Work on the decommissioning of OPPD’s Fort Calhoun Station (FCS) continues, with several markers ahead.
The station has been undergoing DECON – both decontamination and deconstruction – since 2016. That’s when OPPD decided to cease operations because of economic necessity and significant shifts in the energy industry. The station is expected to be returned to greenfield status around 2026; that status means virtually no trace of the plant will remain.
In May 2020, the last canister of spent nuclear fuel was moved to its dry cask storage on the site until the federal government fulfills its obligation to transport the fuel to an interim or permanent disposal site.
Until that happens, the dry cask storage facility remains guarded and monitored around the clock. Ongoing inspections and sampling will ensure everything remains in regulatory compliance.
One of the biggest current projects at FCS is the reactor vessel internal segmentation work. That entails removing the internal components out of the reactor vessel, the parts that helped the reactor produce nuclear power, said Craig Longua, assistant plant manager at FCS.
Those internal components remain under about 30 feet of water, where workers are taking them apart with underwater rotating saws. This keeps all particles under water and out of the air. A vacuum and filtration system catches those particles for disposal. Once pieces are cut up, they are put into containers then removed from the pool and dried for shipment after being surveyed to make sure they meet Department of Transportation regulations.
It takes hundreds of saw blades to complete this work, Longua said, as reactors are incredibly strong and dependable. That work should finish up in November, he said.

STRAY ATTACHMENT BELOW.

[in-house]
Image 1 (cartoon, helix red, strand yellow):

To be able to move materials out of containment then transport them off-site, a structure was raised and a rail and gantry crane system was designed to move the canisters. It consists of a flat bed with a gantry to take the components from a vertical position into a horizontal position to make them easier to ship.
Workers tested the system Jan. 28, loading the first canister of materials and preparing it for shipping.
The plan is to use this system for the next two-and-a-half years, Longua said. After cutting up the reactor’s internal components, workers will dismantle the reactor vessel itself and ship it out. The process of dismantling the reactor will take another year, he said.
Once that work is done, the large components in the containment building – including the steam generators, the pressurizer and the piping – along with everything else will be taken down and removed.
The final step will be taking down the containment building. After that, survey work and soil testing will take place, then workers will backfill the area with clean soil. The last step is for the Nuclear Regulatory Commission to do its surveys and release the site to greenfield status.
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